This sturdy little vintage camera has a lot to offer. The Rollei 35 is a metal 35mm film camera with a variety of manual settings including film type, shutter speed, lens focusing, film ISO, and aperture setting with an easy-to-read light meter. It also works with a tripod, external flash, and cable release.
The Rollei 35 was actually what got me into Lomography. While perusing various articles on the Internet, I somehow stumbled across an article on the Rolleiflex and then I suddenly remembered that I had a Rollei 35 in my room that I had found while I was cleaning — one of the several vintage cameras that my grandpa had owned.
Before this rediscovery of analog photography, I thought digital was the only practical way to go and that only a few hardcore film junkies still used analog and developed it in their darkrooms at school. Once I found the Lomography website, however, I was surprised at the huge amount of people who still use film, and I spent hours just looking at all the different types of effects film could achieve.
But I digress. Once I realized what analog photography can do I bought some film and started experimenting on my own, I found out what a great little camera the Rollei 35 is. I did a little bit of research and learned that this camera was originally made in Germany, then in Singapore, and it was one of the first compact analog viewfinder cameras designed by Carl Zeiss.
The many different settings provided me with a lot of ways to experiment. I can set the type of film I’m using (color negative, color slide indoor, color slide natural light, and black and white negative) and the ISO (25, 50, 100, 200, 400, 800, and 1600) or DIN, whichever you prefer. When I’m ready to take pictures, the lens actually expands out of the camera frame, which prevents accidental photos while it’s not in use. The shutter speed can also be set to my preference (from 1/2 of a second to 1/500 of a second) and even had a B setting for multiple exposure shots.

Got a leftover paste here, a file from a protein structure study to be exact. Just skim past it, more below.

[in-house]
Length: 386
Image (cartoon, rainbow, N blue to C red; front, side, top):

One feature I thought was really cool, having grown up on disposable cameras, was the handy little light meter at the top of the camera. The light meter and aperture setting on the front of the camera make it easy to get a well-exposed shot; on my first roll of film, I only had one or two badly lit shots.
There are only a few things that I’d improve about the Rollei 35. The lens must be manually focused depending on how far you are from your subject, and unless you have a tape measure with you at all times, you must approximate your distance. It’s not that difficult with practice but it does leave room for error. There’s also a “safety” mechanism that prevents double exposure shots (and blank frames), so that’s one cool effect that can’t be created. As for weight, this metal camera isn’t the lightest camera out there but it’s not horrible. I can easily carry it and its flash around in my bag but I wouldn’t put it in my pocket.
I’ve mostly used my little Rollei 35 for street photography (I hope to do portraits too, but have not yet had a chance) but I’ve found that it’s very good at what it does for a camera of it’s time and size.